Wurman’s enduring mission is to get a radar’s-eye view inside a tornado, solving the mystery of how these funnel clouds are born. But success on the project is an extreme version of “right time, right place,” requiring trucks positioned at 90-degree angles on either side of a storm at the exact moment of a tornado’s formation. “Forces of Nature” delivers a wild ride as Wurman’s team manages to corner a massive twister.

From the very brink of erupting volcanoes, along shuddering fault lines, and barreling toward angry funnel clouds, larger-than-life images and sound immerse the audience in the colossal powers that shape our world. Partnering with Graphic Films, National Geographic examines these inspiring and terrifying natural events with the trademark combination of scientific excellence, storytelling skill and human emotion that has defined the Society for more than a century. The result is the perfect combination of subject and medium: nature’s grandest phenomenon captured on the world’s biggest film format.

National Geographic Television & Film (NGT&F) is a wholly owned subsidiary of National Geographic Ventures, which also manages National Geographic’s interactive, online, and merchandising, travel expedition and related businesses. NGT&F augments its award-winning documentaries (122 Emmy Awards and over 800 other industry awards) with feature films, long-form television dramas and two giant screen films: “Mysteries of Egypt” (1998) and “Lewis & Clark: Great Journey West” (2002). The National Geographic Channel is received by more than 200 million households in 148 countries, including the United States. More information is available at www.nationalgeographic.com.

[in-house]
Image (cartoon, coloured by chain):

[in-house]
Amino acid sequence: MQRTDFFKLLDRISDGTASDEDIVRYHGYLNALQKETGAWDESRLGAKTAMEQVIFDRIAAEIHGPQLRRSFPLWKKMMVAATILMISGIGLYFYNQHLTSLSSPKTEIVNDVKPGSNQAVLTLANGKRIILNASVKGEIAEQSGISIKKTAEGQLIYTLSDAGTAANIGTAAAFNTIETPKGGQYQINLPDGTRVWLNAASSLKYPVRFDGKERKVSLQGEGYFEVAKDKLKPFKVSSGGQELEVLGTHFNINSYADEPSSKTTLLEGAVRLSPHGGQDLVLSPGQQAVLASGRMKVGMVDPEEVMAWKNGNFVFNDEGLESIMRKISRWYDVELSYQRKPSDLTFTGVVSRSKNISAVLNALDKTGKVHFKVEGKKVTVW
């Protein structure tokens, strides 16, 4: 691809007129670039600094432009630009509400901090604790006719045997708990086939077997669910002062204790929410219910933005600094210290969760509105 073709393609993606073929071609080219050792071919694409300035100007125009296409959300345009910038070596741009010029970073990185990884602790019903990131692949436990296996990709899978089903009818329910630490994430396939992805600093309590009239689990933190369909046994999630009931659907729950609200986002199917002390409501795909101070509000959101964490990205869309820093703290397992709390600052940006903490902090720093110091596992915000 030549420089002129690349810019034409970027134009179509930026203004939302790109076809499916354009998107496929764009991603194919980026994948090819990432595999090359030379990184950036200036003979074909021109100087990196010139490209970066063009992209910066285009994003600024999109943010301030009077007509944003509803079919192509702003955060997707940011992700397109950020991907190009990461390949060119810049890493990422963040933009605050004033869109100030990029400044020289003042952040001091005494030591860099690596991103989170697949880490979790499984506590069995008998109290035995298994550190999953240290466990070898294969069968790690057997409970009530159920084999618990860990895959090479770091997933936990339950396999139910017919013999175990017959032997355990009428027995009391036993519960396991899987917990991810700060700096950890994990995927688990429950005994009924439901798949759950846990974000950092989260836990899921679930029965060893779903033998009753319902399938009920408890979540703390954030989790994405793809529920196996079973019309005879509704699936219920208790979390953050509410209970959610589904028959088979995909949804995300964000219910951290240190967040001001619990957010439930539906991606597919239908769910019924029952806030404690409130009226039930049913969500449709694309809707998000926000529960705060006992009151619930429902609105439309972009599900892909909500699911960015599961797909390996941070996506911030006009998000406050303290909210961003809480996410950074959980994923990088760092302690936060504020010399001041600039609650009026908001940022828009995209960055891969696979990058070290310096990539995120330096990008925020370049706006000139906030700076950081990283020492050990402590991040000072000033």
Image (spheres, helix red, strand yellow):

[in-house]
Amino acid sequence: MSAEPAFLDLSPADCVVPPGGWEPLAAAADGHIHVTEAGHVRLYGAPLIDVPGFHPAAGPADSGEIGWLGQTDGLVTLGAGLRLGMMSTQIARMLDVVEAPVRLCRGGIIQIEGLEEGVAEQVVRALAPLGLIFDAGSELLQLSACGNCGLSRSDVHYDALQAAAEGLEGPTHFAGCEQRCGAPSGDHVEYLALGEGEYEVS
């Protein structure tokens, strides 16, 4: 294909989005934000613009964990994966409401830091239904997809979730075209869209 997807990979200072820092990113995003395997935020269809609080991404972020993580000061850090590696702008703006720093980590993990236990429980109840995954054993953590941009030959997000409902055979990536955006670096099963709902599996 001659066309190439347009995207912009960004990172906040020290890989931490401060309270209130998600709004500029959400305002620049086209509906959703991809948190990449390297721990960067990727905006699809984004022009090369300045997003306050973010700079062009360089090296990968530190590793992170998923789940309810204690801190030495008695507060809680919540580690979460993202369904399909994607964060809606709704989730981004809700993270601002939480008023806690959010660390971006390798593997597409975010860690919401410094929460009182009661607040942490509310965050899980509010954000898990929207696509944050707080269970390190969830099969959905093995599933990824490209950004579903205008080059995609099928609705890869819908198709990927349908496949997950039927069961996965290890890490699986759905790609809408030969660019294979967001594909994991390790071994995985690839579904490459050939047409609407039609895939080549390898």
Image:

National Geographic is co-producing “Forces of Nature” with Graphic Films Corporation, producers of award-winning giant-screen films for more than 20 years. Graphic Films has been honored with more than 100 national and international awards, including five Academy Award nominations.

Destination Cinema, Inc., sole distributor of “Forces of Nature,” owns and operates giant-screen theaters in tourist locations throughout North America, having pioneered the destination film and theater concept in 1984. One of the most prolific and successful producers of giant-screen films, the company owns a film library specializing in destination topics and distributes giant-screen films to theaters throughout the world.

Amica Insurance is the exclusive national corporate sponsor of “Forces of Nature.” Amica, the nation’s oldest mutual insurer of automobiles, was founded in 1907. The company, with corporate headquarters in Lincoln, R.I., is a national writer of automobile, homeowners, marine and personal excess liability insurance. Life coverage is available through Amica Life Insurance Company, a wholly owned subsidiary. Amica employs more than 3,500 people in 42 offices across the country.

“As an insurance company, we are acutely aware of how devastating a natural disaster can be to a person’s life,” said Thomas A. Taylor, president and CEO of Amica Insurance. “The scientists whose work is being featured in ‘Forces of Nature’ are working to make early prediction of impending natural disasters possible. This in turn will save both lives and property, which is one of the reasons Amica is sponsoring this important film.”

Editor's Note: California Science Center, located at 700 State Drive in Exposition Park, Los Angeles, is open daily from 10 a.m. to 5 p.m., except Thanksgiving, Christmas and New Year’s Day. Admission to the permanent exhibitions is free. IMAX Theater tickets range from $4.50-$7.50. For recorded information on IMAX show times, phone (213) 744-7400. For advance ticket purchases, group rates, or to make reservations for any visiting group of 15 or more (required), call (213) 744-2019. Parking is $6 per car; enter the guest lot at Figueroa and 39th Street. Both the Science Center and the IMAX Theater are wheelchair accessible. For general information, phone (323) SCIENCE or visit our website at www.californiasciencecenter.org.